Neil Hester

All poems © Neil Hester unless otherwritten

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Location: North Carolina, United States

Friday, June 17, 2011

(Un)Emotionally Involved: Taking the Heart out of Art

Note: I found out from someone that I did a really bad job communicating certain things in this note, so I'm going to clear a few things up beforehand (it's easier to do this, since changing things within the note would make the clarifications hard to find):


1. I do not, in ANY way, think that a person should be permanently detached from their artwork. It's a temporary shift in thought when you're trying to work on a piece or apply the criticism of someone else. I *am* attached to my art—it's very special to me, and one of the things that defines me as a person—but I try and pull back emotionally during the critiquing process, to try and think clearly about improving. After the product is finished, I am proud, and I do care very much for the piece as something I have accomplished.


2. When I say that emotion is worthless if it's not grounded in technical skill, I'm not by any means saying that you have to have perfect technical skill for emotion to be of any worth. The emotional simply shouldn't overshadow the technical aspect of a composition or performance (e.g., really, really hamming up a piano solo by swaying and closing your eyes, all the while misplaying several chords). Reading over this again, I stated this poorly and too harshly, so it deserves clarification.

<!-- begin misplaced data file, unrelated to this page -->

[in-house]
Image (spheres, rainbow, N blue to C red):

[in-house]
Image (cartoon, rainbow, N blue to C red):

3. The title might be misleading, so I'll just say this: emotion is integral in art, because it is much of what is being conveyed. Without emotion, art would lose a large part of its purpose, because it would have much less to communicate. I noted this in the entry, but perhaps not clearly enough.


Normally, I feel like I bridge the audience gap pretty well, but I lost some people this time, and I apologize.


~Neil

~~~~~

(I guess you could try to take the art out of heart, but that would be a bit sexist, now wouldn’t it?)

~~~

Exhibit A:

Artist sends artwork (poem, novel, concerto, painting, etc.) to reviewer.

Reviewer gives negative, but useful, feedback grounded in objective observation.

Artist becomes angry, and argues back with emotional, subjective, and irrelevant points, without considering that the reviewer’s comments might be used to improve.

~~~~~

Exhibit B:

Artist sends artwork to reviewer.

Reviewer gives negative, but useful, feedback grounded in objective observation.

Artist becomes sad, and bemoans the fact that the product of his soul has been criticized, without considering that the reviewer’s comments might be used to improve.

~~~~~~~

These aren’t the only two scenarios possible in such a situation (there will be an Exhibit C shortly), but this sort of interaction is excruciatingly common. People become too emotionally connected to their artwork, leaving them tied down, bound up, and unable to achieve the distance from their work necessary to not only critique themselves, but also to accept the criticism of others. If every work of art you’ve produced is bound by strings to your heart, then every time your art is “hurt”, you’re going to be hurt, too- and once you become angry or sad about the attacks directed at your artwork by the enemies (how dare they!), you’re going to have trouble rationally analyzing the quality of their critiques and deciding how you can use what they’ve given you to achieve a better product.